• thin being the typical cluster node with 128 GB memory
    • fat nodes having 256 GB or 512 GB of memory.
      • You may specify a node with more RAM, by adding the words -C fat to your job submission line and thus making sure that you will get at least 256 GB of RAM on each node in your job.
      • If you absolutely must have more than 256 GB of RAM then you can request to get 512 GB of RAM specifically by adding the words -C mem512GB to your job submission line.
      • Please note that requesting 512 GB can not be combined with requesting GPUs.
    • You may also add -C gpu to your submission line to request a GPU node with two NVIDIA A100 40 GB.
      • Please note that all GPU nodes have 256 GB of RAM, and are thus "fat" as well. All compute nodes in Bianca has 16 CPU cores in total.
  • Please note that there are only 5 nodes with 256 GB of RAM, 2 nodes with 512 GB of RAM and 4 nodes with 2xA100 GPUs. The wait times for these node types are expected to be somewhat longer.

Some Limits

  • There is a job wall time limit of ten days (240 hours).
  • We restrict each user to at most 5000 running and waiting jobs in total.
  • Each project has a 30 days running allocation of CPU hours. We do not forbid running jobs after the allocation is over-drafted, but instead allow to submit jobs with a very low queue priority, so that you may be able to run your jobs anyway, if a sufficient number of nodes happens to be free on the system.
Summary about the Bianca Hardware
  • Intel Xeon E5-2630 v3 Huawei XH620 V3 nodes with 128, 256 or 512 GB memory
  • GPU nodes with two NVIDIA A100 40GB GPUs each.

Cores per node: 16, or on some 128

Details about the compute nodes

  • Thin nodes
    • 194 compute nodes with 16 cores and a 4TB mechanical drive or 1TB SSD as SCRATCH.
  • Fat nodes
    • 74 compute nodes, 256 GB memory
    • 14 compute nodes, 512 GB memory
    • 10 compute nodes, 256 GB memory each and equipped with 2xNVIDIA A100 (40GB) GPUs
  • Total number of CPU cores is about 5000
  • Login nodes have 2vCPU each and 16GB memory
  • Network
    • Dual 10 Gigabit Ethernet for all nodes


  • Local disk (scratch): 4 TB
  • Home storage: 32 GB at Castor
  • Project Storage: Castor

Other Slurm tools

  • squeue — quick info about jobs in queue
  • jobinfo — detailed info about jobs
  • finishedjobinfo — summary of finished jobs
  • jobstats — efficiency of booked resources
    • use eog to watch the png output files
  • bianca_combined_jobinfo

What kind of work are you doing?

  • Compute bound
    • you use mainly CPU power (more cores can help)
  • Memory bound
    • if the bottlenecks are allocating memory, copying/duplicating

Job efficiency (no type-along)

  • Check the efficiency!
  • Generate jobstats plots for your jobs

    • Firstly, find some job IDs from this month
      • $ finishedjobinfo -m <username>
    • Write down the IDs from some interesting jobs.
    • Generate the images:
      • $ jobstats -p ID1 ID2 ID3
    • Watch the images:
      • $ eog <figure-files.png>
  • The figures

    • blue line: the jobs CPU usage, 200% means 2 cores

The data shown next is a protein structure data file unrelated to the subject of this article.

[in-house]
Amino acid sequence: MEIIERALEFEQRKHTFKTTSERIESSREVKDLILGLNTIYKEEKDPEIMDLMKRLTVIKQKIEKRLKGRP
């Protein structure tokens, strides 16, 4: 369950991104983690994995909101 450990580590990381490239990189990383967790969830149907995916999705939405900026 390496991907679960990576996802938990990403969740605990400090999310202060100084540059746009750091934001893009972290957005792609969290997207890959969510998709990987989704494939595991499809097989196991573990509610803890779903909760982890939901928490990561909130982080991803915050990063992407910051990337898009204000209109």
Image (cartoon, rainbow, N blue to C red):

• horizontal dotted black line: the jobs max memory usage
    • full black line: RAM used at 5 minute intervals

Example demo

Examine the jobs run by user douglas. The relevant job numbers are the jobs with the highest jobid= numbers that have the names names and These should appear at the end of the output.

  • You can be in your ~ dir!
  • Some background info may be found in the extra material.

    finishedjobinfo -u douglas

  • We find these are job numbers 18 for and 19 for Generate jobstats plots for each job.

    jobstats -p 18 19

  • This generates two PNG image files, one for each job. These are named cluster-project-user-jobid.png. Examine them both using an image viewer.

    eog bianca-sens2023598-douglas-18.png bianca-sens2023598-douglas-19.png



The judgement

This job has booked many more cores and memory (RAM) than it needs.


The judgement

This job needs more memory (RAM).

Discovering job resource usage with jobstats

Extra exercise (if time allows)

Submit a Slurm job
  • Make a batch job to run the demo "Hands on: Processing a BAM file to a VCF using GATK, and annotating the variants with snpEff". Ask for 2 cores for 1h.
    • You can copy the file in /proj/sens2023598/workshop/slurm to your home folder and make the necessary changes.
  • edit a file using you preferred editor, named, for example, with the content
  • alternatively copy the /proj/sens2023598/workshop/slurm/ file and modify it cd ~ cp /proj/sens2023598/workshop/slurm/ .
  • edit and add the SBATCH commands
#SBATCH -A sens2023598
#SBATCH -J workflow
#SBATCH -t 01:00:00
#SBATCH -p core
#SBATCH -n 2

cd ~
mkdir -p myworkflow
cd myworkflow

module load bioinfo-tools

# load samtools
module load samtools/1.17

# copy and example BAM file
cp -a /proj/sens2023598/workshop/data/ERR1252289.subset.bam .

# index the BAM file
samtools index ERR1252289.subset.bam

# load the GATK module
module load GATK/

# make symbolic links to the hg38 genomes
ln -s /sw/data/iGenomes/Homo_sapiens/UCSC/hg38/Sequence/WholeGenomeFasta/genome.* .

# create a VCF containing inferred variants
gatk HaplotypeCaller --reference genome.fa --input ERR1252289.subset.bam --intervals chr1:100300000-100800000 --output ERR1252289.subset.vcf

# use snpEFF to annotate variants
module load snpEff/5.1
java -jar $SNPEFF_ROOT/snpEff.jar eff hg38 ERR1252289.subset.vcf > ERR1252289.subset.snpEff.vcf

# compress the annotated VCF and index it
bgzip ERR1252289.subset.snpEff.vcf
tabix -p vcf ERR1252289.subset.snpEff.vcf.gz
  • make the job script executable

    $ chmod a+x

  • submit the job

    $ sbatch


  • You are always in the login node unless you:
    • start an interactive session to do development or hands-on work
    • start a batch job to run jobs not needing any manual input
  • Slurm is a job scheduler
    • add flags to describe your job.
  • There is a job wall time limit of ten days (240 hours).